Angkor Disputants Pitch Tents in Protest, Made to Leave

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A supplied photo showing village residents and security guards on November 11, 2022, in Siem Reap.
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Siem Reap families set up camp on disputed land this week in protest of their former farms being used to resettle Angkor park evictees, but have left under threat from authorities, the residents said.

Authorities have this year asked around 10,000 families living within the Angkor Archaeological Park to relocate from the historical area, saying their presence could lead to the loss of Unesco world heritage status. Officials have warned residents that they would get no compensation if they didn’t agree to move.

One resettlement site designated for those families is Run Ta Ek, an area about 25 km northeast of Angkor Wat.

But last month, around 200 families near the resettlement site took issue with the plan, saying the state had taken the Run Ta Ek land away from them in 2005 without compensation. They had put up with the dispossession believing the land would be used by the state, but they could not accept their former farms simply being handed to other people, they have said.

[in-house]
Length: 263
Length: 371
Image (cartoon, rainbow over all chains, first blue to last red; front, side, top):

Protester Sam Mom said the disputants had met with district officials and the Apsara Authority on Monday seeking compensation, but no agreement could be reached.

In response, about one member from each of the 200 families set up camp in Run Ta Ek that evening, Mom said.

Around 10 p.m., authorities arrived and threatened to remove them with force if they didn’t leave, he said.

“Last night we slept on our land at Run Ta Ek village, but village guards came and asked the people not to camp,” Mom said, referring to the resettlement site.

Another protester, Ran Ra, said the 200 families no longer had enough farmland. Officials were asking them for documents, including land titles, that they had never issued for them, he added.

Penh Pren, a village chief who participated in the protest, said compensation of $500-$700 per hectare had been promised in 2005, but the residents never received it.

“This is an injustice because I am the real landowner. They took my land and gave it to illegal Angkor residents. I am not happy,” Pren said.

Prasat Bakorng deputy district governor Nin Sovann denied that authorities made threats to the campers, saying they had only negotiated with them to remove their tents.

Officials would meet with the residents again on Friday to try to reach an agreement on the land, Sovann said.

This story was edited on November 17, 2022, to include that Penh Pren is a village chief in Run Ta Ek commune.

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